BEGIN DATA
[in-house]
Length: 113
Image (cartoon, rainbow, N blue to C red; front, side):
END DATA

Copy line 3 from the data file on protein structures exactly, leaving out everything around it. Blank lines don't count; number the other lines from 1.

Image (cartoon, rainbow, N blue to C red; front, side):